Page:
The Boston Symphony Orchestra has had a long tradition of Stravinsky performance, beginning with the Pierre Monteux years in the early '20s right through to Seiji Ozawa.
Monteux's recording of "Petrouchka" with the BSO is one of the finest, and the currently unavailable one of "Sacre du printemps" (which RCA really should re-release) is considered one of the best ever recorded. Monteux was the conductor Stravinsky most valued for faithful, understanding performances of his music.
Serge Koussevitsky continued the Stravinsky cause, and gave the world premiere of "ODE" and the US premiere of the Violin Concerto. Since then, Erich Leinsdorf, Michael Tilson Thomas, Ozawa, and Colin Davis, not to mention numerous guests, have given handsome performances of Stravinsky works, though not often enough.
To listen to the all-Stravinsky program ("Ode," the Violin Concerto, Itzhak Perlman, soloist, and "Sacre") that Ozawa led for one performance in Symphony Hall, Boston, and two in Carnegie Hall, New York, recently was to be struck anew with the fact that the BSO is the ideal Stravinsky ensemble. The tone of the strings, the burnished richness of the brass, the rich blends of the winds, and that incomparable percussion section led by tympanist Everett Firth all work together to make something so beautiful, and so absolutely right for the music.
"Ode" was written to honor the memory of Koussevitsky's first wife. It is a haunting, unjustly neglected score. Ozawa gave it a sensitive account. The Violin concerto is a bravura piece, though not so much in the onslaught-of-notes tradition as in the riot-of-rhythms approach to music that is uniquely Stravinsky. Soloist Perlman has such a formidable technique and such a large, varied sound that he has all the musical room he needs to play with. And his now bold, now subtle, richly detailed and witty account -- so ably abetted by Ozawa's rhythmically incisive work with the orchestra -- made for exhilaration.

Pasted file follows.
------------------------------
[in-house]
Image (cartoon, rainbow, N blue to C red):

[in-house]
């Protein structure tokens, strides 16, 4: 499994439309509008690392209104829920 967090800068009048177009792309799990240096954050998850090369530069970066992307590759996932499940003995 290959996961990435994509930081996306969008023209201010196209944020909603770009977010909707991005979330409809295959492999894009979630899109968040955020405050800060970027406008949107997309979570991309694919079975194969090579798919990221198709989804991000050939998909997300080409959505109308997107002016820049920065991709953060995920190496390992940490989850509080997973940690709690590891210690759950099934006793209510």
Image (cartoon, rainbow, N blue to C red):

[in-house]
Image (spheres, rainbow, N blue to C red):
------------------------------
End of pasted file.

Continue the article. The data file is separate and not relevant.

And more of the same came in "Sacre," the virtuoso orchestral showcase par excellence. Here, the vast musical landscapes came thrillingly to life. Ozawa's rhythmic sense is without peer today, and he controlled (from memory) this complex fabric with uncanny precision. Rarely has his ear for color been more acute, more persuasive. With an ensemble that, during his tenure as music director, he has honed into something extraordinary, the results were formidable. The only dilemma came in deciding which were more impressive -- those huge primitive gashes of sound, or those soft-grained aching hushes that Ozawa masterfully conjured through his orchestra.
It was well-conceived program (something rare for the BSO), and a glorious evening of orchestral musicmaking and performing. How encouraging to note that Philips has just recorded the "Sacre" in Boston, and that DG is due to release the Perlman/Ozawa performance of the concerto, taped two seasons back -- two memorable moments that represent the best of the BSO and os Ozawa, too.